• [0010]
    In accordance with still another aspect of the present invention, there is provided a method for manufacturing the multilayer ceramic electric part comprising the steps of:
  • [0011]
    producing a ceramic powder mixture having ceramic particles, the producing step including the step of mixing MgO and a substance containing a rare earth element with a BaTiO3 based dielectric ceramic material; and
  • [0012]
    removing portions of surfaces of the ceramic particles
  • BRIEF DESCRIPTION OF THE DRAWINGS
  • [0013]
    The above and other objects and features of the present invention will become apparent from the following description of preferred embodiments given in conjunction with the accompanying drawings, in which:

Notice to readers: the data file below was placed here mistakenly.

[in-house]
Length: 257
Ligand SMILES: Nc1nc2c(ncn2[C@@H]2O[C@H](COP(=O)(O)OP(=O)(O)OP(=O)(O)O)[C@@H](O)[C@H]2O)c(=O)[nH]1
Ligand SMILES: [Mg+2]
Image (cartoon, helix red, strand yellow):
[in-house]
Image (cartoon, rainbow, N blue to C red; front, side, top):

• [0014]
    [0014]FIG. 1 schematically shows dielectric ceramic grains in accordance with a first preferred embodiment;
  • [0015]
    [0015]FIG. 2 schematically illustrates dielectric ceramic grains in accordance with a second preferred embodiment;
  • [0016]
    [0016]FIG. 3 schematically describes dielectric ceramic grains in accordance with a third preferred embodiment;
  • [0017]
    [0017]FIG. 4 schematically depicts dielectric ceramic grains in accordance with a third preferred embodiment;
  • [0018]
    [0018]FIG. 5 schematically shows an exemplary core-shell grain structure in accordance with still another preferred embodiment;
  • [0019]
    [0019]FIG. 6 is a partial cutaway view of an exemplary multilayer ceramic capacitor; and
  • [0020]
    [0020]FIG. 7 is an exploded perspective view of a sintered body in accordance with the present invention.
  • DETAILED DESCRIPTION OF THE PREFERRED EMBODIMENTS
  • [0021]